This post is sponsored by the UCLA/VA Veteran Family Wellness Center (VFWC). If you are in the Los Angeles area, you can request a free Lyft ride to take advantage of their benefits for veteran families.

MIGHTY TRENDING

Swarm of Iranian boats harassed US ships in Persian Gulf, Navy says

Close to a dozen vessels from the Iranian Islamic Revolutionary Guard Corps’ navy spent an hour making repeated “dangerous and harassing approaches” near American ships operating in international waters on Wednesday, according to Navy officials.

The 11 vessels carried out the aggressive moves in the Persian Gulf, Naval Forces Central Command said in a news release. The U.S. ships, including four Navy vessels and two Coast Guard, were conducting joint operations with Army AH-64E Apache attack helicopters, the release states.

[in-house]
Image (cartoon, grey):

Video of #IRGCN vessels conducting dangerous harassing approaches on U.S. naval vessels in the international waters of the North Arabian Gulf.pic.twitter.com/zL9VKQ0eiQ

twitter.com

The Iranian vessels came within 10 yards of the Coast Guard’s Island-class cutter Maui and within 50 yards of the expeditionary mobile base Lewis B. Puller.

“The IRGCN vessels repeatedly crossed the bows and sterns of the U.S. vessels at extremely close range and high speeds,” the Navy’s news release states, adding that the dangerous passes increase the risk of miscalculation and collision.

How just one care package can change a deployment for the better

Iranian Islamic Revolutionary Guard Corps Navy (IRGCN) vessels cross the bows and sterns of U.S. Military ships while operating in international waters of the North Arabian Gulf, April 15, 2020.

(U.S. Navy)

The provocations came about two weeks after the U.S. moved a carrier strike group out of the region. The Harry S. Truman Carrier Strike Group departed the Middle East earlier this month.